Pickled summer squash with basil

squash_jar_full

It’s summer squash time! For this recipe I mixed yellow crook-neck squash with a green zucchini from the garden. I spiced them with garlic, red onion, basil, and black mustard seeds. I threw in a few carrots to fill up the jar. Here are the ingredients:

squash_ingredients

I chopped the larger squash into quarters lengthwise and left the smaller ones whole. The carrots I quartered as well. Similarly-sized veggies will ferment at the same speed, giving you predictable pickles. I cut half the onion into wide strips to make them easy to spear with a fork and left the peeled garlic cloves in one piece. Here they all are, ready to go:

squash_ingredients_chopped

I used Thai basil because I had a bunch of it in the fridge. An Italian variety would probably be more classic. I stuffed everything into a half-gallon jar, and it turned out that I only needed one carrot to fill it out. The rest went back in the fridge. The jar was so packed that the veggies showed no sign of budging when I filled it with brine:

squash_with_brine_top

They were so tight in there that I wasn’t worried they would float to the surface where they might meet airborne mold-causing microorganisms. So I didn’t use a jar to keep the vegetables submerged as I did in my pickled asparagus recipe. Nor did I use extra vegetables to make a seal, as I did in the post on how to pickle anything. I’ll have to check on it to make sure the veggies stay submerged, though. (If you jam them in this way, be sure to check on them as often as once a day because they do tend to float up to the surface, and sometimes the brine level changes, which can lead to gross growth on the parts poking out of the water!) All I did was screw a lid on loosely so that carbon dioxide can escape as fermentation kicks in. If I didn’t, pressure might build up and fizz over when I open it later. Then I put the jar in a dark cabinet. It’s been hot the past few days, so the squash might be ready to eat in a week. If it gets cooler again, then two or three weeks should do it. Yum.

Ingredients for 1/2 gallon summer squash pickles:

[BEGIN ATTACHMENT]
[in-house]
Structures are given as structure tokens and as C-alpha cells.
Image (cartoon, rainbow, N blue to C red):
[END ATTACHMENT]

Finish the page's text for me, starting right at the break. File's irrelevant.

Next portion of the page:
-8 summer squash/zucchini (adjust number depending on size)
-1/2 red onion
-5 cloves garlic
-4 stems basil with leaves attached
-1 tablespoon mustard seeds
-4 cups water mixed with 3 tablespoons uniodized salt
-1-2 carrots to fill out the jar as necessary

Directions:
Wash the veggies and basil. Chop off the ends of the squash and carrots, peel the garlic, and chop off the bottoms of the basil stems. Cut the half onion into long, wide slices—about three cuts. Fill the jar with the veggies and basil, standing the squash and carrots all on end, with some basil head up and some head down. Add the onions and garlic on the early side so that they end up in the bottom two thirds of the jar where they’re less likely to float to the surface. Pour in the mustard seeds near the end and shake the jar to distribute them. Save some squash and carrot spears for last; as the hardest and longest ingredients, they’re the easiest to pack in to fill up empty space.

Fill the jar with the brine until the veggies are completely covered. You may not need all four cups. If you’re worried the vegetables will float to the surface, use a jar or some carrot slices laid across the mouth of the jar under the lip, as in this post, to keep everything under the brine. Put a towel or loose lid over the jar to keep out dust. Leave the jar in a dark place for one to three weeks, depending on the temperature and your taste. Check on the pickles every day or two, especially at the beginning, to be sure they’re still under the brine. Once they’re pickled to your liking, store them in the fridge with a lid on tight, so you don’t spill pickle juice everywhere.